Science and technology are no longer only men's clubs, as lots of women now choose science, technology, engineering and mathematics (STEM) fields as career options. However, the opportunities in these industries have not kept pace with the influx, and while there’s been a lot of improvement over the years, there’s still more that needs to be done.
As we mark International Women in Engineering Day (#INWED) to celebrate the hard-working women who dedicate themselves to innovating and progressing the engineering fields, we need to look at the current situation. INWED, started as a national campaign by the UK's Women’s Engineering Society in 2014, has grown enormously since then, receiving UNESCO patronage in 2016.
People Matters spoke to women tech leaders /engineers to find out how the engineering landscape is changing for women across several industries, roadblocks and biases they faced, how they can overcome them and what can companies do to drive substantial change when it comes to diversity and representation of women in the workforce.
The future looks promising!
When Jhilmil Kochar, Managing Director at cybersecurity firm CrowdStrike India, started her career journey, there were a limited number of women taking up studies in engineering. She had to persuade her parents to let her pursue a career in STEM.
However, she says, it is encouraging to note that the situation has vastly improved now from what it was a few years ago.
“With technologies such as artificial intelligence, machine learning, data science, cybersecurity, cloud computing etc. booming in India, it presents a plethora of opportunities for women to take up a career in engineering. Women can contribute so much in this field and get back so much. Added to that, technology has enabled work from anywhere, encouraging more women to join the tech field, addressing the skills gap in the process,” says Kochar.
In recent years, there has been a remarkable boom in the startup space in India which has created even more opportunities for women to build their careers in highly technical or specialised roles, says Yugandhara Gaikwad, Principal DevOps Engineer, at Cyware, which helps enterprise cybersecurity teams build platform-agnostic virtual cyber fusion centers.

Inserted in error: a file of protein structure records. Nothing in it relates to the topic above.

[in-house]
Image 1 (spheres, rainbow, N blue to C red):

“With a growing number of companies looking to improve diversity in their talent, there has been a high demand for women in the workplace. I strongly believe that behind every successful woman is a horde of cheerleaders who always support and encourage her in doing things right. The IT landscape is changing and many women employees have found their footing and are going strong. And with increasing numbers of women students in engineering colleges, the future looks promising,” she adds.
How companies can drive change
The count of women engineers is appallingly low across many industries. However, companies are trying to ensure that a blend of technical know-how and creativity that a woman employee offers can be effectively put to use.
Kochar says leaders also have the responsibility of supporting women through mentorship programmes, peer training, induction, reskilling, and upskilling courses which, in turn, will help nurture their growth. “Every woman leader is working hard to encourage more women to take up this field and make this a reality,” she adds.
As part of her contribution to the field, Kochar plays an active role as a mentor to Women in Cybersecurity, and to school children as part of the Atal Innovation Mission. CrowdStrike India also provides scholarships to girl students who are meritorious but are unable to pay for their education due to financial difficulties.